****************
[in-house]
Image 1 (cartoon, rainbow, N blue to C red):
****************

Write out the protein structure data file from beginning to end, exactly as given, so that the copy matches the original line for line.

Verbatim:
[in-house]
Image 1 (cartoon, rainbow, N blue to C red):